February 14, 2022
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Database recovery looks at reconstruction of a database after a sudden failure. Now that you know how to carry out database backup, lets us learn something about database recovery 😇. As a DBA, You will be in a position necessitating you to carryout a database recovery in order to make the database available to users. Knowing the different database failures will help you much in understanding the type of recovery to be done on the database. Therefore, lets start with looking at these failures.

Video format – Database Recovery Part 1/2

Types of Database Failures

Statement Failure

This occurs when a database operation fails due to the SQL statement issued. This could be because of an invalid syntax, insufficient privileges, non-existence of the object, logic application error, running out of space on tablespace, etc. This can be solved by providing appropriate privileges to users, create views on tables and provide privileges on views rather than tables, increase user’s quota space, DBAs should work with users to provide valid data, working with developers can help in solving application logic errors, intensify user education, etc.

User Process Failure

This failure occurs whenever there is an abrupt termination of the user connection to the instance. The abrupt termination could be from the user closing the SQL*Plus without logging out, application errors that closes the app abruptly without the user first logging out, reboots, etc. The DBA intervention is not needed for this failure. The PMON process periodically checks for user processes to ensure they are still connected. If it finds a disconnected session, it de-allocates the assigned resources from the session as well as rolling back uncommitted transactions.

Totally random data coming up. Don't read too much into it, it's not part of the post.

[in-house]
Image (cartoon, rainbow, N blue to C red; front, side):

Instance Failure

This failure occurs whenever the instance shuts down without synchronizing the database files to the same SCN (System Change Number) thus requiring a recovery the next time the instance is started. A number of reasons that cause this failure are out of your control as a DBA. They include power outages, server failure, failure of a background process, use of SHUTDOWN ABORT mode, etc. The good news is that Oracle performs the instance recovery automatically the next time the instance is started. The only thing a DBA can do is to tune the time taken by the database to recover from an instance failure. This is done by configuring the FAST_START_MTTR_TARGET parameter to the time you need the database to take when recovering from the instance failure. This time can be between 1 minute to 1 hour.

Network Failure

Depending on your database, different network components may be needed to enable users access and use your database. For example, users may be required to traverse different routers and switches before they access your database. From a network perspective, this configuration provides a number of points where a failure can occur. This could be a failure of the server, failure of the network card, etc. To guard against this, you can provide redundant network path from your clients to the server, ensuring hardware redundant, proper network management, etc.